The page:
✳️ Go to bed at the same time and wake up at the same time, whether it’s a weekday or the weekend. Even if you’ve had a bad night’s sleep don’t be tempted to sleep in.

 

✳️ Darkness aids the release of the hormone melatonin, which is needed to help us sleep. Turn off main lights and keep lighting low in the hour before going to bed.

 

✳️ It’s also important not to disrupt the release of melatonin with laptops, phones and tablets (and any other devices with blue light-emitting diodes) so avoid them before bed, too.

 

✳️ Your body needs to drop its temperature by about 1 degree Celsius to initiate sleep. Keep your bedroom cool and set the thermostat to about 18/18.5 degrees to promote healthy sleep.

 

✳️ Don’t stay in bed if you’re still awake after 15-20 minutes. Get up and go into another room to stop your brain associating being in bed with being awake, rather than about sleep.

 

✳️ Read under a dim light – no screens, no food – and return to bed when you are feeling sleepy.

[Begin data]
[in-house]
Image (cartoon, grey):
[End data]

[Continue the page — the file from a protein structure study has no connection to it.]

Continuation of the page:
✳️ Avoid caffeine after 2pm and don’t drink alcohol before going to bed. A nightcap doesn’t aid healthy sleep, it simply sedates your brain, which isn’t natural sleep.

 

 

Prof. Matthew Walker
Sleep scientist and author of ‘Why We Sleep’

 

 

If you’re suffering with sleep problems or insomnia try not to worry, click here for more help and advice.

 

 

 

Contact Claire at Benefit Therapy

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Claire Louise Gaskin is a qualified Youth Worker, a Clinical Hypnotherapist and Psychotherapist, a founder member of the British BrainWorking Research Society (BBRS), a member of the Association for Professional Hypnosis and Psychotherapy (APHP), and a member of the College of Medicine.